In the UK this declaration has by and large been interpreted as necessitating specific consent for each particular research project that a patient participates in. Whilst this is clearly important in interventional research (such as drug trials), for research utilising surplus tissue removed at surgery, the question arises whether specific consent for each research study is desirable for both research progress and research participants. Surplus tissue could be stored and researched for many years, each study posing few, if any, risks to the patient. Anecdotal reports suggest that the practical hurdles of re-contacting tissue donors reduce the likelihood of research on these samples, and that patients themselves may prefer to provide a one-off “broad” consent to current and future research, as long as it meets certain criteria (such as approval by a research ethics committee).

This type of “broad” consent model raises a number of ethical issues which are hotly debated in the literature, but what do those who would potentially be giving such consent think on the matter? In this project Zakk, supervised by Angela Fenwick and Anneke Lucassen, will consider the views of members of patient support groups on broad consent, and use the results to pilot a questionnaire which could then seek wider public opinion.

Projects: 2011/12

Managing the possibility of IFs: Catherine Hyatt

Incidental findings (IFs) are increasing in prevalence due to advances in medical technology and improvements in research techniques and there is now a need to provide an appropriate framework for action in cases where incidental findings arise. Catherine, supervised by Gillian Crawford and Angela Fenwick, explored the views and experiences of healthcare professionals and more broadly at the validity of consent in two clinical contexts where incidental findings occur:

  • brain MRI scanning
  • antenatal screening

Most of the research in this area has focused on incidental findings from the research setting and there is limited information available relating to the clinical context. There is, therefore, a real need to address the issue of incidental findings generated in the course of clinical practice.

Predictive genetic testing and adoption: Celia Dewell

Predictive genetic testing can be used to determine the likelihood of a child developing a disease in the future. In most cases if the onset of the disease is not expected for many years, and there are no medical benefits in finding out now (such as screening or treatment), then genetic testing is delayed until the child can take part in a conversation and have a say as to whether or not predictive genetic testing should be done. However, there have been several reported cases where predictive genetic testing is being requested for children in the fostering and adoption services to discover which inherited diseases they may have, in the hope that this will increase the likelihood of them being adopted.

Celia, supervised by Ingrid Holme and Anneke Lucassen explored how predictive genetic testing is perceived within adoption. During her study she interviewed a range of professionals, including:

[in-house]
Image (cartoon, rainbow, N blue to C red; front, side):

• social workers,
  • doctors and
  • adoption agency managers

This was to explore a range of healthcare professional perspectives and experiences. Celia explored whether adoption is a special case in this situation, or that all cases should be treated equally whether the child is up for adoption or not. If you would like more information please email Celia. You can view Celia's presentation via the 'useful download' link above.

Newborn screening: survey of parents’ views and experiences: Robert Clarke

Current newborn screening in the UK involves a blood spot sample taken for analysis where testing is carried out to diagnose for an array of inborn metabolic conditions such as phenylketonuria and cystic fibrosis.

There is now, however, scope for increasing the number of tests to include genetic testing for disease susceptibility (such as cancer) as part of the heel prick test. The issues associated with possible screening expansion have been widely discussed and include:

  • the potential benefits and harms to the newborn
  • risks of inaccurate results
  • value of uncertain risk indicators
  • ethical themes such as confidentiality and maintenance of patient autonomy

Little is known on the views in regards to these issues. This study, carried out by Robert and supervised by Angela Fenwick and Anneke Lucassen, explored parents’ views and experiences of,

  • their child’s heel prick test, in particular the consent and communication processes that were involved
  • their opinions about the future possibility of receiving information about disease susceptibility.

Parents’ views were sought using a survey questionnaire, targeting parents of children five years and under.  You can view Rob's presentation via the 'useful download' link below.

Previous Projects: 2010/11

  • Medical students’ attitudes to euthanasia and physician assisted suicide
  • Medical students’ attitudes to abortion and the factors influencing these factors
  • Specialist interest groups’ perspectives on the limits of confidentiality in genetic medicine

Useful Downloads

Need the software?PDF Reader
Privacy Settings